more than 680 papers on PubMed, and he cited Prof Paus as an example for students on how to build a strong career
in research.

ReceptorsProf Paus specifically discussed three chemosensory receptors — taste receptors, olfactory receptors, and TRP ion channels. “Taste and olfactory receptors are the most obvious ones, but TRP ion receptors also permanently contribute to our sense of taste, and even others, such as cannabinoid receptors, can in the widest sense be subsumed under the term ‘chemosensory receptors’,” said Prof Paus. HFs are the most densely innervated peripheral organs in the human body, with the possible exception of the cornea, Prof Paus explained. “The function of this very dense innervation is only now becoming better understood. We know that the follicle innervation does a lot more than send sensory signals to the sensory cortex — for example, when an insect hits the hair shaft, it thereby excites action potentials in the sensory neurons, but these nerve endings around the hair follicles, which are particularly dense around the stem cell region of the hair follicle, are also secreting neuropeptides, neurotrophins, neurotransmitters and neurohormones that are ‘talking’ to the hair follicle epithelium,” he told the attendees.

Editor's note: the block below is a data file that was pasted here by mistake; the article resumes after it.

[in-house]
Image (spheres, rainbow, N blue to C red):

“They may also be interacting with the hair follicle microbiome, the most interesting microbiome in your skin and much richer than the skin surface microbiome. If you are under psycho-emotional stress, neuropeptides released from these nerve endings will release perifollicular neurogenic inflammation, which inhibits your hair growth and may even damage your stem cells.” Aside from these classical neuro-physiological aspects of hair biology, hair follicles also engage in chemosensation, independent of peripheral innervation, said Prof Paus.

Among his findings, Prof Paus and colleagues found that the hair growth cycle regression phase or catagen is promoted if signalling is blocked through the receptor, either by an antagonistic odorant or by silencing RNA, and is prolonged by an odorant such as sandalore that agonises the receptor. “IGF-1 was increased and probably, most of the mechanistic explanation for this effect is due to up-regulation of IGF-1,” he said. “There was also a minor stimulation of hair shaft formation, but the main effect was on hair follicle cycling — the key finding was that continued stimulation of this one olfactory receptor is actually required for the scalp hair follicles to remain ‘happy’.”